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even after the country returned to civilian rule in 2011. an eyewitness has told nhk what he saw on that day after keeping quiet all these years. nhk world's tha twe reports. >> reporter: last week, monks gather in the largest city. they have taken part in the deadly demonstrations in 2007. they pressed the government to disclose the truth of the incident which they claim remains unresolved. >> translator: the government should disclose the cause of the incident. in line with its democratic reforms. >> reporter: on september 27th, 2007, they protested against the government's economic policies. which they blamed for soaring
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prices. the military government resorted to force to suppress the protests. 31 people were killed. ganji was covering the demonstration and was killed. the military government later said that a stray bullet had struck and killed him. even today, the government has been refusing to return his video camera, and the tapes. despite the repeated requests from his family, and the japanese government. the tapes could provide decisive evidence to show what happened to him in his last moments. one of the eyewitnesses has fled the country and lives in malaysia. ambrose is hoping to return to
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his home country to take care of the children of those who left myanmar. he was a student at the time. an aspire iing student, he was there op the day and saw everything. ambrose kept comments on the footage on the scenes at the time. >> translator: you can see many soldiers aiming their rifles. they must have targeted the protest leaders and journalists to keep the international community from finding out what happened. >> reporter: ambrose said the military shot nagi deliberately. >> translator: if it had been incidental, he would not have collapsed the moment i heard the first shot. he was already lying on the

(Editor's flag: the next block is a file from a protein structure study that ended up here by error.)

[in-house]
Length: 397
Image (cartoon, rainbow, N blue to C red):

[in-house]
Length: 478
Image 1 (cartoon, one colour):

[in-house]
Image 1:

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ground when the warning shots began. >> reporter: in 2011, they made the transition from military rule to a government after a general election. still, ambrose kept a distrust attitude of the government which refused to reveal the truth of the incident. and he cannot return to his home country for fear of retaliation by the military. >> translator: myanmar is not a safe place yet. president tingesing is doing well, but military forces remain in the government. i won't run to myanmar until the upcoming elections bring genuine democracy. >> reporter: six years have passed since the bloody demonstration. ambrose yearns for the truth to
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be told and for a full recovery of democracy. nhk world. some of japan's indigenous ainu people find themselves in a difficult situation once again. in the 19th century, the government took their land on the northern island of hokkaido. it banned some of their tradition and customs, including their language and fishing practices. now the ainu are fighting to preserve another part of their heritage, the remains of their ancestors. they're trying to get the remains back from universities. here's more about this struggle. >> reporter: this is a 90-year-old ainu. for nearly 60 years, she's